Boris Johnson father undermining coronavirus measures with lockdown trip to Greek villa

Stanley Johnson, a former Tory MEP, was criticised this week for breaching Foreign Office advice and visiting his villa in Northern Greece. The prime minister has declined to denounce his actions, stating: “I am not going to get into details of family conversations.”

Professor Deenan Pillay, an expert in virology from University College London who also sits on the committee said: “I pity the Greek island, to be honest. Greece has done incredibly well at controlling the epidemic… There remains the quarantine for UK visitors to Greece because of the higher infection rate. My understanding is that Stanley Johnson is going to make sure his property is Covid-free… I think we have to be respectful of countries that have made huge efforts.”

Boris Johnson‘s father is undermining public compliance with lockdown measures by visiting Greece during lockdown, an independent scientific advisory group has warned.

Experts on Independent Sage said high-profile figures close to the government like Dominic Cummings and Stanley Johnson were creating an impression that there was “one rule for them and one rule for us” – and that this reduced public compliance and risked a second wave.

Professor Stephen Reicher, a leading expert in crowd psychology at the University of St Andrews who sits on the committee told a presentation on Friday that the trip would make it harder to rebuild trust.

“Even in the Johnson family I think we can allow that the prime minister is not his father’s keeper. I’m not sure he can control his behaviours,” he said.

“Nonetheless, the issue of trust is particularly important, and in fact the issue shows that in some ways trust is more important to compliance at this stage than under lockdown. The figures show that erosion of trust undermines people’s willingness to use the test-trace-isolate and support system and in particular to give information about themselves to authorities.

“One of the best ways of undermining trust is the notion that there’s one rule for them and one rule for us. It divides us from the authorities and there’s no doubt that this affects that perception in exactly the same way that the Cummings affair did, and at the very best it’s not helpful. You need to rebuild trust and in such a volatile situation I think everybody’s got a responsibility to make sure they don’t undermine trust.”

The Independent Sage group was set up by leading experts after concerns about political interference in the government’s own Sage (Scientific Advisory Group for Emergencies). It is chaired by Sir David Anthony King, a former Chief Scientific Advisor, and draws on experts across epidemiology, public health, computational modelling, and the social sciences.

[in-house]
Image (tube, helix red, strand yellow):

Other members of the committee also urged caution ahead of the government’s reopening of pubs on Saturday, warning that there were deficiencies in data that made it harder to track the pandemic and the the test and trace system was still not functioning as it should.

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Professor Reicher added: “Whether we have a second wave or increase in infections is critically dependent on behaviour and on compliance and I really don’t think we’re doing enough to address those questions.

“There are three key factors if you want people to comply: the first is how we can build trust and a sense of equity, so that everybody does feel as a community involved in what’s going on.

“There are increasing sections of the population that feel there is an inequity and are beginning to feel alienated from the government and its measures, not least young people – because while young people might not be affected by the virus, young people are most likely to be affected by what comes next, by the recession. And if young people begin to feel that there is no future they are much less likely to take measures to look after their health and our public health.

“The second issue is information: one of the things that has come through today is the number of areas where there isn’t information… the fact that the websites don’t even tell you to get tested and most people don’t know what the symptoms are, so we need a massive campaign of public information, something that’s on every bus stop,every time you open your social media – we really need that information because people don’t have it.

“The third thing is the support so people can do the right thing – it’s no good telling people to do things if it’s impractical of impossible to do it.”

Stanley Johnson, who rents the Greek property out to holidaymakers, has said his trip was “essential business” to ensure it could be made Covid-proof before travel restarted.

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